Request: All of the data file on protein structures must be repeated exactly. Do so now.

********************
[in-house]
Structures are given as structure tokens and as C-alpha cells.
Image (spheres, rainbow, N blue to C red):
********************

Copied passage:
[in-house]
Structures are given as structure tokens and as C-alpha cells.
Image (spheres, rainbow, N blue to C red):